With the end of summer comes fall and brings along the allergy season when people can suffer from fall allergies. The symptoms of allergy usually last until you are exposed to the triggers or allergens. The relief from fall allergies also comes with the elimination of exposure to the susceptible allergens. The most common cause of fall allergies is the ragweed pollens which remain dispersed in the air roughly from August to October. Ragweed is a flowering plant and the ragweed pollens cause fall allergy exhibiting symptoms such as sneezing, runny nose, nasal congestion, watery eyes, headaches and itchy throat. The symptoms resulting from fall allergies subside when the pollen count in the air is reduced and thus the elimination of allergen brings the respite to allergic symptoms.

Pollens are the most common culprit behind fall allergies, and the crucial determining factor in predicting the acquisition of fall allergies is the innate susceptibility to certain allergens. The duration of suffering from fall allergies is thus, dependent upon pollen exposure as well as contact to the particular susceptible allergen. People who are allergic to specific pollen remain vulnerable to suffer from allergic symptoms as long as that pollen remains in the air. With the disappearance of the triggering factor from the environment, the allergic symptoms wane. A measure to determine the quantity of pollen in the air is the pollen count which can help predict the proneness to fall allergies. Checking the pollen count before going outdoors is a helpful preventive measure to avoid allergic symptoms.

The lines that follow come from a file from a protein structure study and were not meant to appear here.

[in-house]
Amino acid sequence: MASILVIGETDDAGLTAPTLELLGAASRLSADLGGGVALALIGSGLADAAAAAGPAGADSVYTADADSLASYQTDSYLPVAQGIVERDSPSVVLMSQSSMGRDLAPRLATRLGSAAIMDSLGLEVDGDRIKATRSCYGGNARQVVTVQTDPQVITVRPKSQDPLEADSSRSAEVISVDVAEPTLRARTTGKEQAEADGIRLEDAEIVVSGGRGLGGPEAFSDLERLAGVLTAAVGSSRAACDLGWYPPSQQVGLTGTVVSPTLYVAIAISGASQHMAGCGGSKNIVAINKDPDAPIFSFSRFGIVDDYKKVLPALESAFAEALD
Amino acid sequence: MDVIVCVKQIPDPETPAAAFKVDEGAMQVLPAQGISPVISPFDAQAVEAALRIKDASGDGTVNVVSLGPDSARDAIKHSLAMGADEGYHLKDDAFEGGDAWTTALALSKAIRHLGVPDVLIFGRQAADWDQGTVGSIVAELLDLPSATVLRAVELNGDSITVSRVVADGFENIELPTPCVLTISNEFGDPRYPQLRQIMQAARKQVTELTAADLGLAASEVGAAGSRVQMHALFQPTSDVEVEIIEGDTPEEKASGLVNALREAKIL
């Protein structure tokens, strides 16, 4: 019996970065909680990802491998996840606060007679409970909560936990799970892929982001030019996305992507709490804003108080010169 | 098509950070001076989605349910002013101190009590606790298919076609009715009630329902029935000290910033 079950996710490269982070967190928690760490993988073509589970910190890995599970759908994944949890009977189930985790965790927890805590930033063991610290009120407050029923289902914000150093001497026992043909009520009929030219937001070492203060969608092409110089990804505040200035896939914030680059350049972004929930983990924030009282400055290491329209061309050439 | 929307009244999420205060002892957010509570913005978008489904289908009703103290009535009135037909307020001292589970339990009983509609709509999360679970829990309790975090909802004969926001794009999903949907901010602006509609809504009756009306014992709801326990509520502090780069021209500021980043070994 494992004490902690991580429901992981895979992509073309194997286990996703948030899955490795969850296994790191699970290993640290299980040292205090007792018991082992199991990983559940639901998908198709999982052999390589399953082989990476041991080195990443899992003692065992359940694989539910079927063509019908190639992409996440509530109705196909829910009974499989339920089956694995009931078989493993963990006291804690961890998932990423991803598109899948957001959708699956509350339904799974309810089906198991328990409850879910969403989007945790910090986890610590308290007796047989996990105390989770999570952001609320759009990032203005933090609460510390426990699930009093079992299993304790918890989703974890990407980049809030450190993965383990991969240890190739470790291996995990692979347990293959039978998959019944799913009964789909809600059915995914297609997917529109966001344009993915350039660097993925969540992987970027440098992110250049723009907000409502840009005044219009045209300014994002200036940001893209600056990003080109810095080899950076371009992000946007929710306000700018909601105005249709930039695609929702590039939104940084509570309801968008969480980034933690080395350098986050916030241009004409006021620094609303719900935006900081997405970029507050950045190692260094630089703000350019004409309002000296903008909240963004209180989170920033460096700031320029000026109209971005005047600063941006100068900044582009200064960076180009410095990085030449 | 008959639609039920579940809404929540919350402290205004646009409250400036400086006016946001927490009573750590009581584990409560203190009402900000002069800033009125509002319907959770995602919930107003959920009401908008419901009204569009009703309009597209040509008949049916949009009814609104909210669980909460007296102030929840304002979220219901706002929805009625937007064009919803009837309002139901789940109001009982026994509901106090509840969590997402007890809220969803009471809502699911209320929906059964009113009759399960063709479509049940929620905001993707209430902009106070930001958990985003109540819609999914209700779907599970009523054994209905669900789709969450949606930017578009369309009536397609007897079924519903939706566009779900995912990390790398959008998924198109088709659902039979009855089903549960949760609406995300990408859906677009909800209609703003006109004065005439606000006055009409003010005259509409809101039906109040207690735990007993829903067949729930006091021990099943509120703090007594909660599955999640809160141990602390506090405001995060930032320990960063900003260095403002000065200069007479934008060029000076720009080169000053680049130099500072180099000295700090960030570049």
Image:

The allergic reaction involves the production of various substances that try to evade the allergen and the symptoms that appear as a result of allergic response disappear with the abolition of invading allergen. The allergic response is thus dependent upon the length of exposure to an allergen which if avoided can lead to relief from the symptoms within few weeks. Allergic symptoms can last from few days to months depending upon the duration and quantity of allergen exposure. A person who is allergic to multiple allergens such as two or more types of pollens, molds and dust mite etc. can suffer from long lasting allergies or even year-round allergic symptoms. However, those who are relatively immune to acquire fall allergies get through with allergic symptoms in a few weeks.

Prevention and management strategies also influence how long the fall allergies may last. Use of anti-allergic medicines and products aide the allergic reaction to be mild and produce fewer symptoms that elude in a few days. Similarly, preventive measures that keep allergens away during the fall season, maintain the exposure to triggers minimal, and thus reduce the duration of any allergic symptoms.

Climate is one of the most important factors in determining the length of fall allergies. End of fall season and beginning of the new season changes the air quality which reduces the number of allergens responsible for fall allergies in the environment. During fall temperatures are usually below 60 degrees Fahrenheit, which favors the allergen disposal in the air. However, with the arrival of next season, when the temperature is maintained above 100 degrees for a few days, the allergic symptoms and fall allergies begin to end.


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